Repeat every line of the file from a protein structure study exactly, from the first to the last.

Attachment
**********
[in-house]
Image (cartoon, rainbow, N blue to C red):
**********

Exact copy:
[in-house]
Image (cartoon, rainbow, N blue to C red):